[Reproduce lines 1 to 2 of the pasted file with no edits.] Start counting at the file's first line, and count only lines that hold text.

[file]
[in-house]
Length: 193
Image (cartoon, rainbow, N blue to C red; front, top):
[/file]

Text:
[in-house]
Length: 193